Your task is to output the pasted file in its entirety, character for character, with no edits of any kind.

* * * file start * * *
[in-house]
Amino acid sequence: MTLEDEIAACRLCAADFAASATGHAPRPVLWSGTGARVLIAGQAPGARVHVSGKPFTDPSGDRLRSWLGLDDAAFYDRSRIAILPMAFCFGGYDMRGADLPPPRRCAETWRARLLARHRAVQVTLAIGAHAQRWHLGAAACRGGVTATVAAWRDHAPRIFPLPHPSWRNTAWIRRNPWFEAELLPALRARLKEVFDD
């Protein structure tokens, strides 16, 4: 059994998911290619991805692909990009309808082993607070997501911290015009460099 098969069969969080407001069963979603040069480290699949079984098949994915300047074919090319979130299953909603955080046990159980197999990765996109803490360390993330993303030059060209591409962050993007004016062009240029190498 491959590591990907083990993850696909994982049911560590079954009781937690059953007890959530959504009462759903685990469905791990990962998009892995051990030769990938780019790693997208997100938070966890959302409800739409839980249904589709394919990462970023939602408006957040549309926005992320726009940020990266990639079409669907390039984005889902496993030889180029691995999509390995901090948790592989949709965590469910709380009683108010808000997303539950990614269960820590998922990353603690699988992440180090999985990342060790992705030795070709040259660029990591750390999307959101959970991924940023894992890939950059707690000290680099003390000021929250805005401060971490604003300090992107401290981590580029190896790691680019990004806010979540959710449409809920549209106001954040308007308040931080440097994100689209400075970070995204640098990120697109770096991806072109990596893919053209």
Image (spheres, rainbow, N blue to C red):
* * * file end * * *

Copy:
[in-house]
Amino acid sequence: MTLEDEIAACRLCAADFAASATGHAPRPVLWSGTGARVLIAGQAPGARVHVSGKPFTDPSGDRLRSWLGLDDAAFYDRSRIAILPMAFCFGGYDMRGADLPPPRRCAETWRARLLARHRAVQVTLAIGAHAQRWHLGAAACRGGVTATVAAWRDHAPRIFPLPHPSWRNTAWIRRNPWFEAELLPALRARLKEVFDD
């Protein structure tokens, strides 16, 4: 059994998911290619991805692909990009309808082993607070997501911290015009460099 098969069969969080407001069963979603040069480290699949079984098949994915300047074919090319979130299953909603955080046990159980197999990765996109803490360390993330993303030059060209591409962050993007004016062009240029190498 491959590591990907083990993850696909994982049911560590079954009781937690059953007890959530959504009462759903685990469905791990990962998009892995051990030769990938780019790693997208997100938070966890959302409800739409839980249904589709394919990462970023939602408006957040549309926005992320726009940020990266990639079409669907390039984005889902496993030889180029691995999509390995901090948790592989949709965590469910709380009683108010808000997303539950990614269960820590998922990353603690699988992440180090999985990342060790992705030795070709040259660029990591750390999307959101959970991924940023894992890939950059707690000290680099003390000021929250805005401060971490604003300090992107401290981590580029190896790691680019990004806010979540959710449409809920549209106001954040308007308040931080440097994100689209400075970070995204640098990120697109770096991806072109990596893919053209």
Image (spheres, rainbow, N blue to C red):